Google is now defaulting to the same. In July, the company made phone verification prompts “the primary 2-Step Verification (2SV) method,” shifting away from SMS messages or voice calls. Google says it recommends “prompts” instead of text message verification codes to “avoid phone number-based account hacking… get more info about sign-in attempts… [and] block suspicious activity—if you didn’t try to sign into your account, tap ‘No’ on the notification to secure your account.”

Such system-based security and alerts cannot be spoofed in the way emails and messages can. It’s also much harder to use social engineering to persuade someone to tap to let you into their account than to send you a code they were texted, with an “it was meant for me, not for you,” excuse.

Apple and Google are uniquely positioned to deploy an easy-to-use 2FA system, built into devices on their ecosystems. But this isn’t available to others unable to tap into device-level, often biometric security. For most, the easy option is still SMS messaging. You register your phone number and you’re texted four- or six- digit codes, sent via plain text, vulnerable to those compromises.

“But it’s important to understand,” infosec commentator John Opdenakker says, “that these are still targeted attacks. In general, the risk to the average user having accounts compromised by mass attacks such as phishing or credential stuffing is a lot higher.”

The greatest benefit with SMS is also its greatest weakness. The reason it has become a 2FA default is that we all have access to a cell phone and an SMS messenger. There’s no need to run a separate authenticator app to produce one-time codes, there’s no need to carry around digital keys, it works across all apps and platforms and doesn’t rely on any specific ecosystem.

But, behind the façade, the SMS system over which those codes are being sent is wide open. An archaic network that runs across mobile networks worldwide, where there’s no end-to-end encryption, where you have no way to know over which networks your message travels in open-text form between sender and recipient. Last year, the FBI warned that 2FA had inherent weaknesses, advising us to opt for biometrics—exactly what you have with the Apple and Google approach.

Security researcher Sean Wright describes SMS 2FA as “better than nothing”. And that’s a common perception in the security industry. “It has known flaws,” he says, “which have been successfully exploited. It’s served its purpose we should now move onto newer and better solutions. It would also save firms money to replace SMS, as they’d no longer have to pay to send messages.”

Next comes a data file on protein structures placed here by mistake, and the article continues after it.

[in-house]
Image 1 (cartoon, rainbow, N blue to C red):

Social engineering attacks are increasing, seeking to steal codes from unsuspecting users to hijack WhatsApp accounts or payment credentials. It’s time for a new approach. We need a widening of the Apple/Google approach, 2FA authentication built into our devices, protected by biometrics, presenting system prompts and on-device options to keep our devices secure. 

Such a system needs to be openly accessible to service providers, in the way many banking apps rely on multi-device apps to use biometrics to authorize logins. But the providers themselves need to be encouraged away from SMS to such schemes. It’s not enough to offer authenticator apps or digital keys as alternatives—that’s unrealistic for the vast majority of the user base. 

According to ESET’s Jake Moore, “text messages are better than no second layer of security. Getting people behind the idea of two factor authentication is a tough task in itself, so I can see why some organizations start mildly and offer an SMS concept which people are used to. However, I think it’s better to future proof in the long run to go straight into recommending an authenticator app to bolster account security and defend them from the simplest of attacks.”

The challenge of course is that this makes 2FA much more complex and risks non-compliance. Nicola Whiting, Chief Strategy Officer at Titania, advocates for the built-in approach. “Fully automated OTPs, standardized across multiple browsers, providers and platforms have the potential to provide users with higher protection… That OTPs have an almost ‘zero effort’ adoption cost, will be key to widespread adoption and for transformational security benefits to be achieved.”

Until then, while there may be many reasons you should stop using SMS passcodes, there’s unfortunately a much bigger reason to keep doing so. If this is the best 2FA option we have right now, the one you’re most likely to use, then you should keep using it. It’s for the industry to fix this issue, not for you.

“We often miss the mark in security,” Lisa Forte, partner at Red Goat Cyber Security, says. “Security is a journey. So, for someone who has used ‘Summer1’ as their only password for years, enabling SMS 2FA is huge progress. Is it a perfect solution? Definitely not. Not even close. But it is progress and that person is now harder to attack than they were. This is a journey with no end point. Attacks evolve and so must we. Look for progress and not perfection.”

So, yes, you should stop using SMS security codes for two-step verification—but, unfortunately, you can’t.